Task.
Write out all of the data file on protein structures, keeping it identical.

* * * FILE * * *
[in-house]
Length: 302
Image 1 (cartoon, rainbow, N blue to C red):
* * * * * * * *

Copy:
[in-house]
Length: 302
Image 1 (cartoon, rainbow, N blue to C red):